Of course Bruce Dickinson is speaking of his “First Time” singing with Iron Maiden. What did you think we were talking about? This isn’t TMZ!
The Inside Scoop:
Bruce Dickinson on his first experiences with Iron Maiden
Well I remember the first moment, in rehearsal I’d learnt all the songs. They’d ask me to learn four so I thought well there’s only two albums worth. I might as well learn a lot so, I turned up and Steve wasn’t there yet so we just started jamming all of our favorite songs.
Bruce Dickinson continued: And we all like all the same bands, so then we started mucking around with some Iron Maiden stuff. Then Steve turned up then we all went lavish to (like, you know?) Wrathchild and Twilight Zone, and Steve was like why that’s it and My God! And he was immediately on the phone to (manager) Rod Smallwood. Back in the day, of course, that for those of a certain age, it was a pay phone (chuckles) right, so, he’s on the pay phone (you know?), running out of change, shoveling more and more change, going we’ve no, no, no, got to get him in the studio today (you know?) because I had to go and get into a studio so they could just make sure that I wasn’t all smoke and mirrors.
To make sure my voice really did work and of course they had the small matter of going and doing some festivals in Sweden (or somewhere?) and with Paul Di’Anno in between so that I thought. I remember going away thinking, I must old, ummm, (you know?) because they’re all jumping up and down with excitement. From there to the first show in Bologna took a few months and ummm, yeah, it was the first time I’ve ever done a show outside of the United Kingdom, ever!
First Iron Maiden live footage with Bruce Dickinson
The First Show: The Number of the Beast
It was a small basketball arena, I think it was about four or five thousand capacity (or something like that) biggest place I’ve even played in the world up until that time.
I was just conscious that I was on probation and not only with the audience but with the road crew (you know?) who were taking a look at me for the first time, they’d never seen the sight of me basically.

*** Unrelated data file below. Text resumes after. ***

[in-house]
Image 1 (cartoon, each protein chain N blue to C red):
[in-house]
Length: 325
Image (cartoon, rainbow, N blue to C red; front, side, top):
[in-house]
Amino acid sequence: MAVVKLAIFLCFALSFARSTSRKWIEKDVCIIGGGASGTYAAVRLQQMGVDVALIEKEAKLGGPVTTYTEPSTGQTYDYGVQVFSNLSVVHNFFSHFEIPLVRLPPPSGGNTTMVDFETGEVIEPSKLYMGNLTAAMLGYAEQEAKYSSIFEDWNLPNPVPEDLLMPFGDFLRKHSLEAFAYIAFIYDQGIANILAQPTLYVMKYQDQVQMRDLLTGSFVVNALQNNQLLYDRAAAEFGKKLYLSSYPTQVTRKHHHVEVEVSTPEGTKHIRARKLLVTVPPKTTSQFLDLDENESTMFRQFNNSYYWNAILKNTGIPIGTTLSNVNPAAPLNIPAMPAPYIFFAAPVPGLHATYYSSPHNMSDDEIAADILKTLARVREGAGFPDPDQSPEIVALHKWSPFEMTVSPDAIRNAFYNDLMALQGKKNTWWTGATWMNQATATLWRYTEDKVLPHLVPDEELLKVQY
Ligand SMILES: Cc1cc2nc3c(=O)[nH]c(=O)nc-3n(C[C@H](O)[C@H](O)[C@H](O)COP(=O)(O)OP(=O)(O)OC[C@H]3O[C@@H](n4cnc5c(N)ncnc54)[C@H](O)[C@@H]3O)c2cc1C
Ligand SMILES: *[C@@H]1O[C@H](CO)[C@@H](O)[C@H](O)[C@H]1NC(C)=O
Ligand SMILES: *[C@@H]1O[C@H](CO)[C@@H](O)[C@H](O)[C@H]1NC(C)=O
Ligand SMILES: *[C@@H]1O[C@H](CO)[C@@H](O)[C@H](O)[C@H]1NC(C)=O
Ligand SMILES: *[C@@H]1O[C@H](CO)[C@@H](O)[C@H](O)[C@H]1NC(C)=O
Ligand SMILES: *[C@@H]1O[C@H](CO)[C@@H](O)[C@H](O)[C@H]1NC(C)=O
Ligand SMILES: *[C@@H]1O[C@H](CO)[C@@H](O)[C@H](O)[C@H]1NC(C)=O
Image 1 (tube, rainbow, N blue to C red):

The whole thing was all building up to The Rainbow, which was the first show of which everybody got a good look at me in the U.K, plus, we were playing some new material that people didn’t know. The crucial thing was that as a band, internally we were all really, really happy but I didn’t have much of a clue as to exactly where it was going.
And it wasn’t until we’d done the Number of the Beast album, the more we recorded of it the more certain we were that this was really something special.
That Spirit from 1981 still lives on in Iron Maiden today!
The idea of change from obviously back in 1981, when you (sort of like) whack on the pair of spandex, some boxing boots and a red t-shirt and (that) that’s it (you know?) and we had the road crew with plastic devilish pitchforks and basically pantomime costumes.
From that period to now where we’ve got all the (you know?) sophisticated bits and everybody’s on in-ear monitors and things like that, except me: I still use rubber ear plugs, but nevertheless. I don’t think we’ve ever lost the childlike delight in doing something a bit daft. And I also don’t think we’ve ever lost the ability to be fierce.
If somebody jumped on stage and started a “punch-up”, it would be a race to see if it was me or Steve that would get there and “chin-in” first. That’s never gone out of the mix, obviously there’s layers of sophistication on it now because we’re doing all this “prog stuff” and everything else like that but underneath it (you know?) we’re still Jack Russell Terriers.